As the ORA process operates in real time, personnel must be able to measure and manage the conduct of activities and the production of deliverables, as well as the deployment and use of the outcomes from those deliverables. FIG. 3 shows how the process is monitored via its own scorecard. An active scorecard with a suite of key performance indicators (KPIs) must be available that enables operational readiness leaders to run the program and provide fact-based data on its progress.

Takeaway: Ownership does not end when the task to create a deliverable is initially concluded. This notion would be analogous to filling a library shelf with books in the hope that somebody would be able to do what is needed simply by reading them. Assurance means more than the production of things—it extends to their demonstrable use and measurable impacts. Programs must be tactile, granular and project-specific.

Running an operational readiness program

FIG. 4. Running the ORA program.
FIG. 4. Running the ORA program.

A clear methodology must be in place to run an operational readiness program. The ready-to-operate (RTO) plan crosses numerous functional boundaries in the overall project organization. Multiple interfaces and handoffs emerge as a project matures, and the organization naturally changes its shape, size and structure. The ORA scorecard monitors the program and should be used proactively. There will be conflicting pressures for the time of functional teams and named individuals that are owners within the RTO plan. FIG. 4 shows an example of how a program was mapped out to run over a monthly cycle. If any of the “no” answers are flushed out, corrective actions must be taken. Routinely, the complete series of these questions must be answered with a “yes” by the operational readiness team.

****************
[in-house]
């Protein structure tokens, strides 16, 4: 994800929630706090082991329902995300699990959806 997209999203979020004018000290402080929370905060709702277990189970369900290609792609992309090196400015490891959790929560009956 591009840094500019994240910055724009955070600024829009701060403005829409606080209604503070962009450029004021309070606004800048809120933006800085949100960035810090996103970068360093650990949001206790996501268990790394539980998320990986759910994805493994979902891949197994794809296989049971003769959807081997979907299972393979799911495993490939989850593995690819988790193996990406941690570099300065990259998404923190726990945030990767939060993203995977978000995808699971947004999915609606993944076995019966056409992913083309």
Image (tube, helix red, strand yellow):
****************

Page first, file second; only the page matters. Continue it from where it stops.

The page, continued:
Takeaway: The ORA program must be dynamically and systematically run with the best and most up-to-date facts.

Next month

Part 2 of this article will move from theory to practice. The authors will explore a recent and ongoing case study, and will show how the client dealt with its unique operational readiness needs. The authors will provide conclusions and offer thoughts on the risks and opportunities that are present beyond the project’s startup.

There is sufficient information in the public domain to illustrate that a compelling need exists to address the operational readiness topic better than what the industry is presently doing. Readiness is necessarily a constant, and must be considered an integral part of operational excellence rather than something that is only carried out during the transition into normal operations.

It is time to apply the lessons learned. The authors believe that effort should be applied to documenting, in a standardized way, what operational readiness must be. The industry should level the playing field and craft an international standard on operational readiness for the oil and gas community, and augment that with professional qualifications and certification for operational readiness professionals. HP

Notes

     a  This article is an expanded and revised version of Jacobs Consultancy’s article, “Project-to-asset: Smooth transition to operation; operational readiness assurance.” The article was originally presented at the 22nd World Petroleum Congress.

LITERATURE CITED

  1. World Energy Outlook 2016, International Energy Agency (IEA), 2016.
  2. Merrow, E. W., Industrial megaprojects: Concepts, strategies and practices for success, John Wiley and Sons Inc., Hoboken, New Jersey, 2011.

The Authors